to reduce crime end up having both high crime and stringent gun
laws, while it appears that low crime nations that do not signifi‐
cantly restrict guns continue to have low violence rates.
Thus both sides of the gun prohibition debate are likely
wrong in viewing the availability of guns as a major factor in
the  incidence  of murder  in  any particular  society. Though
many people may still cling to that belief, the historical, geo‐
graphic, and demographic evidence explored in this Article
provides a clear admonishment. Whether gun availability is
viewed as a  cause or as a mere  coincidence, the long term
macrocosmic evidence is that gun ownership spread widely
throughout  societies  consistently  correlates  with  stable  or
declining murder rates. Whether causative or not, the consis‐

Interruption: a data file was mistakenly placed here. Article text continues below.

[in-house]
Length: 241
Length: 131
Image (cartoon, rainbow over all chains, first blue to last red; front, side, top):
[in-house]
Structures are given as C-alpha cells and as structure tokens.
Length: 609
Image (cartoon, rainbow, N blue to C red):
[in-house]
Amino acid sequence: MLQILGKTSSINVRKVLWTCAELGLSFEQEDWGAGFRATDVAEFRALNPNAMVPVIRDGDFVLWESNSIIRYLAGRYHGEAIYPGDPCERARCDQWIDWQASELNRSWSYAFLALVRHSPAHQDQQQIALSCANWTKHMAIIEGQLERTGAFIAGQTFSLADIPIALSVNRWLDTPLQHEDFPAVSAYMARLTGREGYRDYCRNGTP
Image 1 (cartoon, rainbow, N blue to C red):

tent international pattern is that more guns equal less mur‐
der and other violent crime. Even if one is inclined to think
that gun availability is an important factor, the available in‐
ternational  data  cannot  be  squared  with  the  mantra  that
more  guns  equal  more  death  and  fewer  guns  equal  less
death. Rather, if firearms availability does matter, the data
consistently show that the way it matters is that more guns
equal less violent crime. 

So what should we do?  At the very least, the burden of proof rests with the gun control proponents.
Those who assert the mantra, and urge that public policy be
based on it, bear the burden of proving that more guns do
equal more death and fewer guns equal less death. But they
cannot  bear that  burden  because there  simply is no large